Thermosyphon simulation using evaporative condensation model will lose mass|Lee model

nacncnacnc Member Posts: 2
edited September 9 in Fluids

I am simulating two-phase thermosyphon heat pipe with VOF model,Lee model, k-o sst, primary phase r134 vapor, secondary phase is r134 liquid, Others are initial settings 

I have tried both SIMPLE and PISO solution methods.  

Three sections - Evaporator, condenser and adiabatic, 


These are the result graphs 


Everything is fine, but quality and pressure are Abnormal. 



1)When I use VOF model, I don't observe condensation. How to solve it? This question is not important, but the following two questions are important. 

2) The pressure is the same as what I give as the operating pressure. As the temperature is increasing inside the thermosyphon, there should be a rise in pressure also. But it is not rising, Please can anyone help? 

3) The total mass in the enclosed space should be conserved, and there should be only phase change in the enclosed space. But if I use Lee model. when my heat transfer is not conserved, the total mass will decrease. What is the reason? How can I solve this problem?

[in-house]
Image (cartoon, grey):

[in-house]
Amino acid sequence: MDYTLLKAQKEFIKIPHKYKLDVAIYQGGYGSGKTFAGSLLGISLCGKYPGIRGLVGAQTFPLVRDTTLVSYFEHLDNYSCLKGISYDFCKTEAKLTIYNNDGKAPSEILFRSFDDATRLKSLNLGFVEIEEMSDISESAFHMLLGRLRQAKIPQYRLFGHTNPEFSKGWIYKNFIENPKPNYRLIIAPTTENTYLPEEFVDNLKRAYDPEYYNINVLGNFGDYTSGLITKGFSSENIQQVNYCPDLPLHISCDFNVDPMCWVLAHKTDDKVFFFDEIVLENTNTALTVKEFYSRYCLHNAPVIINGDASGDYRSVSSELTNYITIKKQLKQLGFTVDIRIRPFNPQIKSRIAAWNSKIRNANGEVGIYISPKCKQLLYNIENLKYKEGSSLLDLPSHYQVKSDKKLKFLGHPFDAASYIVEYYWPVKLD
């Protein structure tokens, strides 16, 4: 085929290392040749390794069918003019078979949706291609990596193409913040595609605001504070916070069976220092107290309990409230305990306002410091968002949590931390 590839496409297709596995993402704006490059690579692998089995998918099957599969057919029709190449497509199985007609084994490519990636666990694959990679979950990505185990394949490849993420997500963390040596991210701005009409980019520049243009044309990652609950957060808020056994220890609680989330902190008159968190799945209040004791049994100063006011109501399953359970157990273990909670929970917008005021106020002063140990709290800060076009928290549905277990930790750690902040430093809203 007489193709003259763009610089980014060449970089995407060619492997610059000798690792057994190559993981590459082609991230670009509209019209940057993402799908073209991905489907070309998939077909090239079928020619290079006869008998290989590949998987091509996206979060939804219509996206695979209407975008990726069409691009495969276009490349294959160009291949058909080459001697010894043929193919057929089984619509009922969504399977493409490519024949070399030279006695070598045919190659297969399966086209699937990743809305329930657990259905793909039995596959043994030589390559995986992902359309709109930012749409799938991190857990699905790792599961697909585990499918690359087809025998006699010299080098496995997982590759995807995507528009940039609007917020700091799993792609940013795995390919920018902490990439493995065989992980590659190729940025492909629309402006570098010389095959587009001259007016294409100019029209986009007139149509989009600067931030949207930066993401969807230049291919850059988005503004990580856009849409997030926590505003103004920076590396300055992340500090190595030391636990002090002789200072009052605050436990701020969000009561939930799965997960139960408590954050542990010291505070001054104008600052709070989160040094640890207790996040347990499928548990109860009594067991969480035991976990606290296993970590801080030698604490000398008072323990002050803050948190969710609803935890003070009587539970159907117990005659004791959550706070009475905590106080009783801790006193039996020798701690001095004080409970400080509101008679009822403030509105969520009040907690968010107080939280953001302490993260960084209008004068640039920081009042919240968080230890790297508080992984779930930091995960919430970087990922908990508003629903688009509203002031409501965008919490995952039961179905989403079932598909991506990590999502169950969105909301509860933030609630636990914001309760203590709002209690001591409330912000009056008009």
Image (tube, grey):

I have seen this problem in other discussions, but no one explains why mass is not conserved, and no one explains why pressure does not change. 

I hope someone can discuss the detailed causes and feasible solution steps of heat pipe evaporation and condensation here. I also hope to solve my problem. If I complete the model, I will also link the model to this problem. If you have a feasible model and udf, you can also put your download link.

Comments

  • nacncnacnc Posts: 3Member

    If I need more information, I will add it in the discussion

  • sdebsdeb Posts: 327Forum Coordinator

    1.) For condensation, check the Saturation properties. Also keep in mind that the condensation model is not wall condensation but bulk condensation.

    2.) Are you using built-in Real gas EOS or RGP files?

    3.) Are you solving it in transient? If not, then try to solve it as transient as it is totally enclosed.

    Regards,

    SD

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